Building a Gaming PC for the First Time? Don't Panic, This Guide Can Help You Out

By October 26, 2015Learning Center

 

Case

Before you start to build a PC, you’re going to need the parts. The first thing you need to decide on is how powerful of a system to build and how much you plan on spending. As a rule of thumb I usually spend about 300$ for the video card and CPU each. Remember, computers are like snowflakes, everyone builds with different brands or parts they like, so let’s begin.

What Core Components Will You Need to Build a System?

Processor

Intel i7

The processor, or CPU, is the brain of the PC.

Motherboard

motherboard

The motherboard is a large circuit board which everything connects through. Those looking to push their system to the limits will want to look for motherboards with lots of overclocking features.

Memory/Ram

RAM

Memory is needed for programs to run. The more the merrier, but I recommend 8GB x2 for starters.

PC Case

Computer Case

This is the box all the parts are installed into. I usually go with a nice large case with decent fans inside. Bigger fans are generally better as they don’t need to rotate as much which means more air less noise.

PSU

PSU

The power supply unit provides power for all your devices.  It also determines how many video cards and storage devices you can sustain.

Storage

Hard Disk Drive

Storage is needed for files, games and the operating system. In the past storage was only in the form of a hard disk drive (HDD), but it now includes solid state drives (SSD) which offer faster boot and load times and are equally more expensive per gig.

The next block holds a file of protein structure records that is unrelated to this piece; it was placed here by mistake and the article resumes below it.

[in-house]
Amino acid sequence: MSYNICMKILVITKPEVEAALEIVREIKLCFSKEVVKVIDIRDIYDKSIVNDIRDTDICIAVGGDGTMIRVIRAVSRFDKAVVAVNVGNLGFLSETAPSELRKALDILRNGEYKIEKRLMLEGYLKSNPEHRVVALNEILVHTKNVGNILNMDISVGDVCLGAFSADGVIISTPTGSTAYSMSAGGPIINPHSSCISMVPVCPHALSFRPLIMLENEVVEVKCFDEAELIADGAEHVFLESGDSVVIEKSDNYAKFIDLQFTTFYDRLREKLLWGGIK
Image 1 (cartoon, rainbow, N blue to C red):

Operating System

Windows 10 Pro

This is the basic software to run all your games and other applications. If this is going to be your first system, Windows 7 or 10 is a good starting point.

Video Card/Graphic Processing Unit (GPU)

Graphics Card

The video card is your link from Monitor to Motherboard. Video cards will have the greatest effect on your gaming performance. So don’t skimp here.

CPU Heatsink/Fan

CPU Fan

This required add-on cools your processor. Check your processor to confirm if one is already included. Third party heatsinks and fans often perform better, but you may run into space limitations inside your case.

Monitor

Asus Monitor

 

 

Picking the right monitor for gaming usually means looking for a fast refresh rate, and the resolution you like to see your games in. If your video card has FreeSync or Gsync, try to match them up with a supporting monitor. The hot setup right now is 2560×1440 Resolution with 144 Hz refresh rate, but these numbers are always growing.

Mouse

Logitech Mouse

 

I recommend finding a comfortable mouse for your hand with buttons you can press without having to think about it. I like Logitech for mice, but Razer and Corsair make fine mice too.

Keyboard

Keyboard

 

The keyboard is also about comfort and feel. A lot of people go with mechanical keys and LED lights to type in the dark.

Matching Up Components

The best way to match up parts is to play the game of match up. You just need to match them up, like processors to right motherboards or memory to motherboards. Check the speed. Chances are it will be listed in the description. When it comes to CPU fans the same rule applies. This time it’s the socket type which matters most. While matching socket types should work 95% of the time, there are still some incompatible products out there. So it doesn’t hurt to check the reviews and look at other peoples systems before committing to a build.